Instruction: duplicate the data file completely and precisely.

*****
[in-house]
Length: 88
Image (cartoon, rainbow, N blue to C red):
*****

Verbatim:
[in-house]
Length: 88
Image (cartoon, rainbow, N blue to C red):